Duh. But it’s worth mentioning because most humans have weak self-control. That’s not a “bad thing” so much as it’s just the way it is. Thus, a good system empowers you to control your own behavior. Mini Habits, for instance, helps you control your behavior by giving you very easy challenges to complete every day, and over time, you’re better able to control your behavior through practice and habit formation (e.g. go to the gym, eat healthy food, etc).
2. You should like the system.
Do you think the man in the picture likes the fulcrum and lever? Of course he does, because it’s making his job infinitely easier. He might not always enjoy the challenge of moving large slabs of concrete, but the lever system only helps him.
Too many systems out in circulation are just plain hateable. They often demand too much of your time and energy just to manage them. What if it took an hour every time to set up and prepare the lever? Our friend might not be too fond of it then. But it’s just a couple pieces of wood that takes him a few seconds to set up and use. This is key. It’s fast and easy to set up, and yet it provides a huge benefit.
The most likable systems are easy and simple to use.
Simplicity, however, is only one facet of a system. The other is effectiveness. The simplest fulcrum and lever ever might be a weak twig resting on a small rock, but that’s not going to move anything, is it?
3. The ideal system has the right combination of simplicity and effectiveness.
Some systems, like David Allen’s Getting Things Done (GTD), are extremely effective. GTD is brilliantly designed to help you manage all aspects of your life, but it’s also very complicated, time-intensive, and at times overwhelming to manage. The standard to-do list is the opposite — it’s extremely simple, but relatively ineffective because it lacks organization, accountability, and a strong impetus to act.
The best systems prioritize simplicity and effectiveness. But no system is perfect, because simplicity often comes at the cost of effectiveness. A rudimentary lever using wood is simple, but it’s less effective at moving things than say, a giant crane, and it won’t work for every job.
When considering a system, think about the balance of simplicity vs. effectiveness personally — what level of complexity and management are you willing to deal with in order to get additional effectiveness? Personally, I hate complexity and resist spending time to manage systems, so I tend to create systems that are extremely simple (Mini Habits and Mini Flex) but still offer a solid amount of effectiveness.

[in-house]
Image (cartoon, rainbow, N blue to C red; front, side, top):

There are systems out there, like GTD, that offer a more comprehensive solution for managing your life. In order for you to get this benefit, however, you must manage and maintain them, and if you’re like me, you’re not willing to do it. I tried GTD at two separate times in my life, and both times started out extremely well, but both times I ended up falling behind and quitting because I didn’t want to micromanage my life anymore.
I’ve made a living by creating systems that maximize simplicity while also delivering good results. While rare, this sort of system is a better fit for most of the population, who are not experts looking to dominate their field, but more often your typical person hoping to get in better shape, develop better studying habits, learn a new skill, or read more books. From these humble beginnings, however, we can develop surprisingly strong skills.
Most systems in the world are effective, but difficult. The workout program P90X is a great example. If you can stick with it for 90 days, you’ll see your body change. But it’s not so easy to stick with it! I remember when I tried it a few years ago, and day 3 was the sorest I’ve ever been in my life! I quit after day 30. This doesn’t mean it’s a bad system — people regularly get amazing results with it — it only means that it wasn’t ideal for me. I needed something simpler.
The system I had success with was, of course, Mini Habits. I did one push-up a day to slowly change my brain. Over time, habituation acted like a lever to make exercise a less challenging task overall once I got used to it. From there, I have been able to ramp up and maintain my exercise intensity and duration. Today (Monday), I worked out for more than two hours and it’s nothing unusual. My progress was made possible by finding the right system.
To find the right type of system, I think it makes sense to start with a simple framework like the Mini Flex System. From there you can add in components or take them away as you see fit. The very best system for you will be something you can maintain over the long term, which is why I prefer the “safer” simple systems like Mini Habits and Mini Flex. It’s just easier to stick with them than most others, and like a wooden fulcrum and lever, they are surprisingly effective for how simple they are to set up and use!